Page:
Soup Strategies

Welcome to Our Sunday Café, we are pleased you stopped by for a visit. Today we are offering another delicious recipe from our kitchen. We hope you enjoy it as much as we did…

Soup is our convenience food. It is always available in the freezer, ready to heat and eat, making it very easy to get a meal on the table in short order. As it turns out, soup and bread are my favorite combination. I have several soup recipes listed on the sidebar, but I find that having a strategy is as good as a recipe. With a strategy, you are not locked into an idea or ingredient and a strategy allows you to make the most of what is available when times are lean. 

Cook with what you have, soup strategies for your kitchen!
Chicken Barley Vegetable Soup.

In a perfect world, I would always have a fat hen or other boney parts to start out with, but these ingredients are harder and harder to come by in the marketplace. While we make bone broth as often as we have the ingredients, it is not as often as I would like, especially when making soup. But I have found a way to add in the natural collagen and gelatin, that a rich bone broth offers. 

Make stock cubes from chicken feet. 

Simmer chicken feet for enriched soup stocks.
How to make soup blocks from chicken feet.
I purchase chicken feet to use for bone stock. Stock from chicken feet is different from standard bone stock because chicken feet loaded with natural collagen and gelatin. I cook the stock twice, to allow for the most extraction of the needed nutrients. For a rich stock, I just barely cover (you do not need a lot of water) the chicken feet with water and bring to a boil. Simmer for 45-60 minutes (20 in an electric pressure cooker, then let the pressure fall naturally), let cool and refrigerate. The next day, bring to a boil once again, let simmer for 15 minutes, cool, strain and refrigerate. When chilled the mixture is very rubbery in texture and can be cut with a knife. Cut into squares, wrap and freeze for future pots of soup. I package in amounts equal to adding 2 chicken feet to a pot of soup. Therefore If I picked up a package of 20 chicken feet, I would simmer and cut the finished product into 10 squares.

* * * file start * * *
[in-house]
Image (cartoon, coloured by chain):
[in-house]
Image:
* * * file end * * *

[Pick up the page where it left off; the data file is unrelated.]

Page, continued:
Use plain gelatin to enrich your soup stock. 

Cook with what you have, soup strategies for your kitchen! Soup is frugal and delicious!
Note: This is not a sponsored post. I am not being compensated by Great Lakes for this post. All information is provided to offer our own soup strategies.

Add 1/2 cup dry gelatin to 1 cup cold water and let soften. Add to the soup when cooking time is almost complete.

Use lentil flour to thicken and add fiber.

Homemade lentil flour, the perfect thickener for soups and stews. Also adds fiber and protein.
Homemade lentil flour, the perfect thickener for soups!
I love broth-based soups, adding 1/2 -1 cup of lentil flour to the soup, gives body to the broth. Also, the added fiber and protein are appreciated. The wonderful quality that lentil flour has is that there no lumps! Sprinkle it in, cook your soup and no worries! See how to make lentil flour here.

This is our basic starting point for a large pot of soup:

1 large onion, diced
2 - 4 ribs celery, diced
4 - 6 carrots, peeled and diced
2 - 3 cloves garlic, minced

salt and pepper to taste
bay leaves and or other herbs your family enjoys